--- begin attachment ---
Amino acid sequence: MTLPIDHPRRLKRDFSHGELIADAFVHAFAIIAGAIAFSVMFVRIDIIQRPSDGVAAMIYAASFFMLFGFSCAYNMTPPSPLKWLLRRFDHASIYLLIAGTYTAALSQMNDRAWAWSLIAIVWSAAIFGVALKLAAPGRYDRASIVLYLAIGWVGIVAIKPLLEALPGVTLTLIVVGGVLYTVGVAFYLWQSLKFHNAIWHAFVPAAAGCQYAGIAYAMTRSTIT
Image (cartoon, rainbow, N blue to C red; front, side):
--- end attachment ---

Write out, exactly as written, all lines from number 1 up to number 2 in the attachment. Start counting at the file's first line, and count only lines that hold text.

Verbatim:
Amino acid sequence: MTLPIDHPRRLKRDFSHGELIADAFVHAFAIIAGAIAFSVMFVRIDIIQRPSDGVAAMIYAASFFMLFGFSCAYNMTPPSPLKWLLRRFDHASIYLLIAGTYTAALSQMNDRAWAWSLIAIVWSAAIFGVALKLAAPGRYDRASIVLYLAIGWVGIVAIKPLLEALPGVTLTLIVVGGVLYTVGVAFYLWQSLKFHNAIWHAFVPAAAGCQYAGIAYAMTRSTIT
Image (cartoon, rainbow, N blue to C red; front, side):